Assess the likelihood and impact of the risks: There are different matrix used to assess the likelihood and impact of the risks. These are based on 1to 3 scale or 1 to5 scale which provides a simple mechanism to increase visibility of risks and assists in management of risks. The root cause analysis helps in assessing the risk source further for its chances of occurrence (likelihood) and impact (consequence) it may have on a study. Risk delectability is another dimension which can be considered along with likelihood and impact in the risk assessment process.
Based on severity and significance of risks, decide the risk responses: The risk responses should be planned appropriately based on the risk score and risk significance. The risk responses and action planning should be done appropriately for high and extreme (critical) risks. The responses could be one of the four types – Avoid, Transfer, Accept or Mitigate. ‘Mitigate’ response is very commonly used. Mitigation actions may have one of different objectives like- eliminate the risk completely, minimize the impact of the risk, reduce the likelihood of the risk occurring, or increase the chances of the risk being detected if it should occur. Example of Mitigation response could be – selecting an investigational site having excellent patient pool but with less or no GCP experience. This risk can be mitigated by close monitoring of such site or additional training to the site
Robust risk assessment in the beginning and planning of a clinical trial help to win half the battle. However, risks are dynamics and therefore, risk assessment should also be ongoing during conduct and closing phase of a trial. There are chances that one risk may give rise to another or multiple risks or there may be change or increase in root causes of a risk. Ongoing assessment of risk helps to fine tune risk response and action planning to improve overall risk management.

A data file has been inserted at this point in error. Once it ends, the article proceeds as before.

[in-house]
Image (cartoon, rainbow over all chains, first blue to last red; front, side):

The right technology can bring great efficiencies and effectiveness in risk assessment & management process. As these are dynamic processes, they require proper technology that can catch various aspects and changing scenarios of the risks to get full picture of the risks involved. As the industry is moving towards Quality Risk Management (QRM) or Risk-Based Monitoring (RBM) approach, currently the market has witnessed the customized tools for risk management catering to the need of clinical trials project/program.
Ashok Ghone, Ph.D. is Vice-President, Global Services at MakroCare USA. He has around 20 years of experience in the pharmaceutical and clinical research industry. Ashok has good knowledge and understanding of global clinical research with hands-on experience in clinical operations, project management, risk management, process development, document management, site management and patient recruitment activities. He has led various cross-functional teams successfully by providing strategic direction and guidance for accomplishment of local, regional and global projects involving early and late phase clinical studies in various therapeutic areas. Ashok has been involved in development of process, system and training related to risk-based monitoring and centralized monitoring at MakroCare, which offers these specialized services to biopharmaceutical and medical device companies to support their endeavors in implementation of the RBM, Centralized Monitoring approach.